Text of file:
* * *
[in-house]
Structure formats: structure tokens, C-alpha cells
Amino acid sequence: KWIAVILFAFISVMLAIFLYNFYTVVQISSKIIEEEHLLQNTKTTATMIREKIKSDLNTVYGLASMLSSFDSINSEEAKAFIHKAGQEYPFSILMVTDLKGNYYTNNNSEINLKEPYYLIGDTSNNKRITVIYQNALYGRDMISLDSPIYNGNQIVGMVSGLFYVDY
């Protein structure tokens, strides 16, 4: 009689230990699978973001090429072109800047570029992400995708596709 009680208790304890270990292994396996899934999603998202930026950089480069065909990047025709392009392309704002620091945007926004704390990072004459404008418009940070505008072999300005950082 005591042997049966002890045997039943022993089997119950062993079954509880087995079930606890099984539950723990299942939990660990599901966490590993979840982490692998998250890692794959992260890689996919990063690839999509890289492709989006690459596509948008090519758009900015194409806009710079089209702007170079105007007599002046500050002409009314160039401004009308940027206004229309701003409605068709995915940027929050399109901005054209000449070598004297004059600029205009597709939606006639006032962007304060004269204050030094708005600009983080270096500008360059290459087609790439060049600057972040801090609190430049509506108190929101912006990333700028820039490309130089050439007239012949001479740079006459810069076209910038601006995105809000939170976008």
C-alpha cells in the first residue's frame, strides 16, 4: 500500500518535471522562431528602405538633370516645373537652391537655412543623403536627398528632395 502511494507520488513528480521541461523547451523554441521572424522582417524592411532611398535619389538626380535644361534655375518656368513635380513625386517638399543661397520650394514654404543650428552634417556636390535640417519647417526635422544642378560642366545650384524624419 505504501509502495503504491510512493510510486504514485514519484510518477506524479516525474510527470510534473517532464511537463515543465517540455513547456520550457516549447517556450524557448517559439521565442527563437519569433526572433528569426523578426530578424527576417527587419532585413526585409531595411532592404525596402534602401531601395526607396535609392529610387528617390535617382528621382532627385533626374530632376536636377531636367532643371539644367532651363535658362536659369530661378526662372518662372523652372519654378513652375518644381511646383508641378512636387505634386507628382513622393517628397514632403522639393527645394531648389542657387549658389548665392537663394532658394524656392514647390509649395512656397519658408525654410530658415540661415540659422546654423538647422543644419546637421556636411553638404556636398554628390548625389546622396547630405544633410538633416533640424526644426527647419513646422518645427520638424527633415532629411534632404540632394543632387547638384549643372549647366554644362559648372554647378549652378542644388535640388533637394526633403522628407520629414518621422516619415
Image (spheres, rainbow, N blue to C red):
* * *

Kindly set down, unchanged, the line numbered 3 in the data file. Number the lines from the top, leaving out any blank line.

Amino acid sequence: KWIAVILFAFISVMLAIFLYNFYTVVQISSKIIEEEHLLQNTKTTATMIREKIKSDLNTVYGLASMLSSFDSINSEEAKAFIHKAGQEYPFSILMVTDLKGNYYTNNNSEINLKEPYYLIGDTSNNKRITVIYQNALYGRDMISLDSPIYNGNQIVGMVSGLFYVDY